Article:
Digital Transformation

European parliament to bring in tougher penalties for cyber crime

Europe wants to get tougher on cyber criminals – but businesses will need to foil them too.

Tougher penalties are to be brought in by the European parliament that are aimed at quashing the perpetrators of cyber crime.

Currently, the 28 member states have a patchwork approach that means people caught sending out malware or stealing data can receive different punishments in different countries. This is partly because technology has evolved so rapidly that there are not even regulations against some forms of attack.

However, a draft directive has now been adopted to extend the rules set out in 2005, meaning new forms of cyber crime are included and are therefore punishable.

The legislation will be European Union-wide and cover things like botnets – anyone found to be running a network of these ‘zombie’ computers will face a minimum of three years in prison.

A sentence of five years imprisonment will be imposed on those attacking critical infrastructure.

Importantly though, the new policy makes companies liable for any online offences that are committed in their name, BBC News reports. This could mean that businesses need to be even more careful with their data protection methods in the future.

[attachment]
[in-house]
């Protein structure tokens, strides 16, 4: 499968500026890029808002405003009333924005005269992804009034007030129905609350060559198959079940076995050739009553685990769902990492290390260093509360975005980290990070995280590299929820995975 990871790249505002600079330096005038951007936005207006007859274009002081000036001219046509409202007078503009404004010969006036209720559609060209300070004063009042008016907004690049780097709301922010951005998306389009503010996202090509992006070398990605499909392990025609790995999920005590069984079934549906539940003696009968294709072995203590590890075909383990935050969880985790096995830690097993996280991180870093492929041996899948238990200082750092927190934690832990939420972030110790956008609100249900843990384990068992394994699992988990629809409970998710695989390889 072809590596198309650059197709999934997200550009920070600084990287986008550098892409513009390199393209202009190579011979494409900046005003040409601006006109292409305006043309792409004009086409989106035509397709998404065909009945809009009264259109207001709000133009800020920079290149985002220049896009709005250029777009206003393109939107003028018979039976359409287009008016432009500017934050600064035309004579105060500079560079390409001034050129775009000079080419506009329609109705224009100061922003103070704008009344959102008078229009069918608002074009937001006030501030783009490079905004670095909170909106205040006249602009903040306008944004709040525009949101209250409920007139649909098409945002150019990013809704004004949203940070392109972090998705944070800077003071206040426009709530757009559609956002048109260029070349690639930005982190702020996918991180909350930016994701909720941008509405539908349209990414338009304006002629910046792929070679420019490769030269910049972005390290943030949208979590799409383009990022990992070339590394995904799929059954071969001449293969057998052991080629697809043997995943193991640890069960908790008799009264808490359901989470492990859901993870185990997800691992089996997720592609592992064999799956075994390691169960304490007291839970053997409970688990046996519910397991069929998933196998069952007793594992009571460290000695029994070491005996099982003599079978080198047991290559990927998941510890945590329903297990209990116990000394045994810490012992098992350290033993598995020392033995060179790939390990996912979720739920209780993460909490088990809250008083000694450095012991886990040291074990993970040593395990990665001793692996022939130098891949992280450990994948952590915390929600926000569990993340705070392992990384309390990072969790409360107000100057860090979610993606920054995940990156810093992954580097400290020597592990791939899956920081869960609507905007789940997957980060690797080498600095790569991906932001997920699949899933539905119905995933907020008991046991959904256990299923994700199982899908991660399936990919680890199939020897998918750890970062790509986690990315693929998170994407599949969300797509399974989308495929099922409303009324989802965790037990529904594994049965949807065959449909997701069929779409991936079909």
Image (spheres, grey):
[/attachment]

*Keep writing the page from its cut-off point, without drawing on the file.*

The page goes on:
Fraud prevention manager at Trusteer Etay Maor told Computer Weekly he believes cyber criminals will only be brought to book when there is tighter cooperation between law enforcement agencies.

"In the meantime, we have to make sure that users’ devices stay malware-free and that organisations worldwide have a clear picture of what is targeting them and how they can mitigate the threat quickly and effectively," he added.

Gavin Millard from Tripwire agreed that legislation may not be effective, particularly when it can be hard to know who is committing cyber crime.

"As long as the cost of data extraction is lower than the value of the data itself, criminal elements will continue to take advantage, irrelevant of the consequences," he said.

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